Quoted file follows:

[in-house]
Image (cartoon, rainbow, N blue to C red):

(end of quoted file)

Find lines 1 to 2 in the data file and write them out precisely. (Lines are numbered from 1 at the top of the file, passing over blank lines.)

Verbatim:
[in-house]
Image (cartoon, rainbow, N blue to C red):